Metro’s online food sales double thanks to Uber Eats, Instacart popularity

Metro’s online food sales double thanks to Uber Eats, Instacart popularity


A surge in customers ordering groceries over Uber Eats and Instacart helped push sales higher at Metro Inc. in the company’s first fiscal quarter of the year.

The Montreal-based grocer said Tuesday that it saw 105 per cent year-over-year jump in online food sales for the three-months ending Dec. 23.

A spokesperson for Metro told Global News in an emailed statement that its partnerships, specifically with the companies behind Uber Eats and Instacart, helped the grocer to “significantly increase our online sales in a rather stable market.”


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Global News asked how much of its quarterly sales were tied to the online channels, but was told that the company does not disclose those breakdowns.

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Metro’s sales for the 12-week period totalled $4.97 billion, up 6.5 per cent from $4.67 billion in the year-earlier quarter that ended on Dec. 17, 2022.

Orange juice prices could take a hit, CEO warns

Food same-store sales were up 6.1 per cent, helped in part by the timing of the end of the quarter relative to Christmas. Adjusting for the Christmas week shift, Metro says food same-store sales were up 3.4 per cent. Pharmacy same-store sales were up 3.9 per cent.

The company said its food basket inflation rate was 4.0 per cent, down from 5.5 per cent in the previous quarter.

Metro Inc. CEO Eric La Flèche said Tuesday that retail price increases will start coming to grocery stores as soon as next week, as an industry-wide blackout period on supplier price hikes comes to an end.

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Speaking at a virtual press conference, La Flèche said the Metro team is negotiating hard with suppliers and delaying price increases as much as possible.


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One product that Metro shoppers will notice go up in price is orange juice, said La Flèche, because of problems with orange crops.

However, he offered some hope for future stability, saying the volume of price increase requests from grocery suppliers is starting to cool from last year’s highs.

Grocery inflation in Canada has been moderating in recent months, but is still elevated at 4.7 per cent in December.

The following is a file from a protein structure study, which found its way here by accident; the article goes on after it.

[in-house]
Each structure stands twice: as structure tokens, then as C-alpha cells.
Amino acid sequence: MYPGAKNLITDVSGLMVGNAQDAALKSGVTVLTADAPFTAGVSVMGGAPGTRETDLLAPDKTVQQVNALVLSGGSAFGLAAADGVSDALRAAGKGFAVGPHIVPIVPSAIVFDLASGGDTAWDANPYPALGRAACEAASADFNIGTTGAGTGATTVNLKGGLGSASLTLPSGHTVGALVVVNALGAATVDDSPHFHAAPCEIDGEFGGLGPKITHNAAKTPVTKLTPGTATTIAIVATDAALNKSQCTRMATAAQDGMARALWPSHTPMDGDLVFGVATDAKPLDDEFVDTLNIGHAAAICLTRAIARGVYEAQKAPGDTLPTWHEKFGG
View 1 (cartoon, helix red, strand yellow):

Headwinds in rolling out automation

Metro meanwhile reported a first-quarter profit of $228.5 million and said it will pay a quarterly dividend of 33.5 cents per share, up from 30.25 cents per share.

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The increased payment to shareholders came as Metro says its profit amounted to 99 cents per diluted share for the quarter ended Dec. 23 compared with a profit of $231.1 million or 97 cents per diluted share a year earlier when the company had more shares outstanding.

“We recorded solid results in the first quarter as our teams continued to deliver good value to customers in all our food and pharmacy banners,” La Flèche said in a statement.

“We are confident that our sustained investments in the modernization of our supply chain and our retail networks will continue to create long term value for our shareholders.”


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On an adjusted basis, Metro says it earned $1.02 per diluted share, up from an adjusted profit of $1 per share a year earlier.

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It is outlook, Metro continued to say it expected significant headwinds in 2024 with the launch of its automated distribution centre in Terrebonne, Que., and the launch of the final phase of its automated fresh produce plant in Toronto next spring.

It says it expects some temporary duplication of costs and learning curve inefficiencies, as well as higher depreciation and lower capitalized interest.

The company maintained its guidance for operating income before depreciation and amortization to grow by less than two per cent and adjusted net earnings per share to be flat to down 10 cents in its 2024 financial year compared with 2023.

Champagne seeks more grocery competition

Industry Minister François-Philippe Champagne is meanwhile once again insisting that he is reaching out to international grocers in the hopes they will open up shop in Canada.

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The minister says he spoke to one foreign grocer just this morning as part of his efforts to court new players to join the Canadian grocery sector  — but he’s not naming any names.

Champagne met with Canadian grocers in the fall about food inflation and demanded they create plans to stabilize grocery prices or face consequences including potential tax measures.

He recently expressed disappointment that the grocers have not been more transparent about their plans, but has stayed mum on whether the federal government plans to punish them for it.

The minister sent a letter to the commissioner of the Competition Bureau on Monday asking to discuss a follow-up study on the grocery sector, now that the bureau has new powers to subpoena companies for information.

The Competition Bureau published the findings of its previous study in June, saying that grocers’ co-operation varied and was not fulsome.

— with files from The Canadian Press


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